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Associate Professor Ling Moi Lin, President, Asia Pacific Society of Infection Control

Associate Professor Helen Oh, Chairman, Organising committee of 10th Congress of the Asia Pacific Society of Infection Control

Distinguished guests, ladies and gentlemen.

It is my pleasure to join you here in Singapore at the 10th International Congress of the Asia Pacific Society of Infection Control and I would like very much to welcome our delegates who have come from overseas, a mark of confidence in this congress and our situation here in Singapore.

COVID-19 Efforts

2.             Much has been said about the COVID-19 pandemic. It has drastically changed our lives in the last two years, and where we are today is a large part thanks to the extraordinary contributions of our healthcare professionals, like yourselves.

3.             Infection control physicians and nurses have had to step up to the forefront of this particular battle and many of you went beyond your call of duty, supporting our healthcare operations in the community, the foreign workers’ dormitories, screening checkpoints, isolation facilities, testing facilities. As a result, the practice of infection control, something that was largely confined to healthcare institutions in the past, has now moved out into the community. You see infection control practices in many, many locations. Our frontline workers in non-healthcare settings are now able to better appreciate the importance of washing their hands, wearing the appropriate personal protective equipment. You have made this possible through support for our community partners, providing education, providing training during this critical period, and at the same time, having to manage the situation within your own institutions.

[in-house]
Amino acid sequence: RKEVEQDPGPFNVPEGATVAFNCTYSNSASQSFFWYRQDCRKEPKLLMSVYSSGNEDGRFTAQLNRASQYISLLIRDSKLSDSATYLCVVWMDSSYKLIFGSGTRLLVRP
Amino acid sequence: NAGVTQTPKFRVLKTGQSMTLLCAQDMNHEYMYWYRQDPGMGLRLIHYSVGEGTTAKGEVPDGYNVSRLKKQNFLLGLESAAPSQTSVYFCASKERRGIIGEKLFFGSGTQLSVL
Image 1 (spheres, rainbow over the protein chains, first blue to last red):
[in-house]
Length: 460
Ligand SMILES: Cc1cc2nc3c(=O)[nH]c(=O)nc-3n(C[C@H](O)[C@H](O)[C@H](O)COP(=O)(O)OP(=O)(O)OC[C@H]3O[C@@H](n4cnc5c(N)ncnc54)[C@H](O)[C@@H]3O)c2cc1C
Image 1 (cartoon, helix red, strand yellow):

Success and Opportunities for Growth

4.             The practice of infection prevention and control, especially in a healthcare setting, has always been critical in protecting the vulnerable population. The safest healthcare systems are those with robust infection control programmes, surveillance protocols, diagnostic testing capability, quality improvement, and the safest healthcare systems are those where they are administered by trained staff with strong leadership support for infection prevention and control. Over the years, the Ministry of Health has been working closely with the National Infection Prevention and Control (IPC) Committee and many other stakeholders in driving the national IPC programme to reduce healthcare associated infections. This has built a good foundation for our healthcare system, and we have seen success in reducing hospital acquired infections.

5.             During the pandemic, the importance of good control, clearly, was demonstrated and well understood. But it was also well demonstrated how a lack of knowledge can result in infection clusters forming within the community. We managed to control the spread in a timely manner, but what happened in COVID-19 was a stress test of our infection prevention and control capabilities. We uncovered weaknesses. Some of those were weaknesses around our processes and we identified institutional process weaknesses. But on the back of our institutional strengths, we were able to adapt in a relatively agile and timely manner. Refining the protocols, changing our tactics, keeping Singaporeans safe. We have to continue to build on that progress that we have achieved not just during only over the last two years, but prior to that as well, maintaining our vigilance, so that we are ready for the next infectious diseases challenge that come our way.